Betsi Cadwaladr health board rapped over Lap of Wales funding


Auditors have questioned the way a health board handled funding awarded to a celebrity-led charity event.

Betsi Cadwaladr University Health Board (BCUHB) gave £20,000 towards the Lap of Wales Challenge.

But the Wales Audit Office found the board breached its own rules and regulations in handling the funding.

Board officials said they would learn from the experience after auditors highlighted a lack of transparency and poorly-managed conflicts of interest.

Auditors also found the health board failed to follow procurement rules when appointing suppliers for the event.

The Lap of Wales Challenge was organised by Cerddwn Ymlaen under the leadership of its national organiser Eryl Vaughan and was fronted by the Welsh opera singer Rhys Meirion.

The event cost more than £150,000 to arrange and the surplus was £1,368.

The challenge saw a number of Welsh celebrities undertaking a week-long journey through Wales in July 2015 to raise awareness of the Welsh Government's changes to the organ donation law.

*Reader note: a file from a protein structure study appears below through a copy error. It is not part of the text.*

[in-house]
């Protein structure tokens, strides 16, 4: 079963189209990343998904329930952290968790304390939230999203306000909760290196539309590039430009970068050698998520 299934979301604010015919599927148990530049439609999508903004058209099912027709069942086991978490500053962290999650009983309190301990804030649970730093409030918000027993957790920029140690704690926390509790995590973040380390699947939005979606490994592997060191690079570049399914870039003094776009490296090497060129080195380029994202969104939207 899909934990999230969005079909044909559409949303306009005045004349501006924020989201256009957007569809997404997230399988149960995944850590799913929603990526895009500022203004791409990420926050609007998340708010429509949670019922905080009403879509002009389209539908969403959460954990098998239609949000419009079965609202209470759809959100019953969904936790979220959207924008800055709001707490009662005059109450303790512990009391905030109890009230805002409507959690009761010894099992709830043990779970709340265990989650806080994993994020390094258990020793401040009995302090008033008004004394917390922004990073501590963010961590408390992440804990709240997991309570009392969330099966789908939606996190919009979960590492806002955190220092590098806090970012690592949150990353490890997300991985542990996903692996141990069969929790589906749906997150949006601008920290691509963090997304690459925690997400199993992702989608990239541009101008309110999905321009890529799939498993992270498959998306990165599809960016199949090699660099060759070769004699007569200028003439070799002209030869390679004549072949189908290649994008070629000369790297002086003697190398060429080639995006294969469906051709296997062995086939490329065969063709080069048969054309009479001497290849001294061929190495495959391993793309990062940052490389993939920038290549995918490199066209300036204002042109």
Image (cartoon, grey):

Image caption Cronfa Elen was set up by Welsh opera singer Rhys Meirion

It was arranged in aid of Cronfa Elen. The fund was set up by Mr Meirion in memory of his sister who died in 2012, and was incorporated within BCUHB's own official charity, Awyr Las/Blue Sky in 2014.

The health board awarded £20,000 towards the event, with another £20,000 coming from Cardiff and Vale Health Board and £45,000 from the Welsh Government.

The report found £10,000 of BCUHB's contribution was awarded as a loan, but the paperwork was not processed by the health board's financial team.

Despite that, the funds were transferred.

Cerddwn Ymlaen said it was not aware it received a loan rather than a grant and would not have agreed to it, had it known.

To ensure the Lap of Wales project was not in deficit, Cerddwn Ymlaen undertook additional fundraising to meet the £154,054 cost of completing the challenge.

Concerns were also raised about a breach of the health board's financial regulations in relation to the challenge.

A spokesperson for BCUHB said: "The health board was very keen to learn from this experience which is why it asked the Wales Audit Office to carry out this review, as we recognise that to achieve the objectives of the charity, it is important to work with external bodies.

"Such arrangements are underpinned by trust, common objectives and mutual cooperation but misunderstandings can occur."

Officials added a new joint-working protocol would provide a robust governance framework for future projects and require all arrangements to be formalised.